CLEVELAND - Goodyear Tire & Rubber Co. swung to a profit in the first quarter by focusing on higher-priced tires and international markets. The results from the biggest U.S.-based tiremaker beat Wall Street expectations and its shares rose nearly 3 percent in premarket trading.
Akron-based Goodyear, the world's third largest tiremaker, said Friday it earned $147 million, or 60 cents per share, in the quarter that ended March 31. It lost $174 million, or 96 cents per share, in the same period in 2007.
Sales rose to $4.94 billion in the quarter from $4.5 billion a year ago.
Excluding various one-time items in the latest quarter, Goodyear earned 67 cents per share from continuing operations.
Analysts surveyed by Thomson Financial expected Goodyear to post earnings of 47 cents per share. Such estimates usually exclude special items.
Its shares rose 75 cents, or 2.8 percent, to $28 in premarket trading Friday.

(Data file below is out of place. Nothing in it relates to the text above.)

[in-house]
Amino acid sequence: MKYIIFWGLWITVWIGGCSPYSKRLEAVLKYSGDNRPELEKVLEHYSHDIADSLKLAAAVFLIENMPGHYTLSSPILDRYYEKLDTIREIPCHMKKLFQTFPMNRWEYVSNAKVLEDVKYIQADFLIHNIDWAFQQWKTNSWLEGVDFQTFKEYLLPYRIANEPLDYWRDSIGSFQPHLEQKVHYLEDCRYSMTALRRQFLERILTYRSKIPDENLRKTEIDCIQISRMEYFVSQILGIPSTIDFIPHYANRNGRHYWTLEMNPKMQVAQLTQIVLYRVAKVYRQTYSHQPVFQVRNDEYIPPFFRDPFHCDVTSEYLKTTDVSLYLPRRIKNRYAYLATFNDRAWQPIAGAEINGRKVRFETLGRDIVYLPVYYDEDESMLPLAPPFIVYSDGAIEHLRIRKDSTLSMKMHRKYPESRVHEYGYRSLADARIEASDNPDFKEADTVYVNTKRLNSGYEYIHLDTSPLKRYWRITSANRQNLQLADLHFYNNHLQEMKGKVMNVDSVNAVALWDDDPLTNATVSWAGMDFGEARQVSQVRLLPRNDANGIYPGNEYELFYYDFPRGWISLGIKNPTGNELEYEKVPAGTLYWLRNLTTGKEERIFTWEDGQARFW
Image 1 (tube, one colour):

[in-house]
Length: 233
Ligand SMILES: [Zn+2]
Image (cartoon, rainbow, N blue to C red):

Robert J. Keegan, chairman and chief executive officer, said Friday that Goodyear's results in this year's first quarter demonstrate success of strategies to grow higher-margin premium product lines, reduce costs and pay down debt.
Its North American tire segment's sales in the quarter decreased 1 percent from last year. Goodyear experienced reduced original equipment sales, but segment operating income increased to a profit from a year-ago loss partly due to improved pricing and product mix.
The loss a year ago was in part due to costs from a 12-week United Steelworkers strike that started in October 2006. There were also large costs as Goodyear prepared to divest some engineered products ventures and make changes to salaried workers' benefits. The company sold nearly all of its engineered products business in a deal that closed on Aug. 1 for $1.48 billion to EPD Inc., of Washington-based private equity firm The Carlyle Group.
Goodyear has about 70,000 employees and makes products in more than 60 factories in 26 countries.